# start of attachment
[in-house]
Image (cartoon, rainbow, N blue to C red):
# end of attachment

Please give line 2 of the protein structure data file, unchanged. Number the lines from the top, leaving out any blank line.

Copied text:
Image (cartoon, rainbow, N blue to C red):